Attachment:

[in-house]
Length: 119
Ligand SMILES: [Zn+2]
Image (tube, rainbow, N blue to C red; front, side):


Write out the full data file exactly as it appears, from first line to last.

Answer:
[in-house]
Length: 119
Ligand SMILES: [Zn+2]
Image (tube, rainbow, N blue to C red; front, side):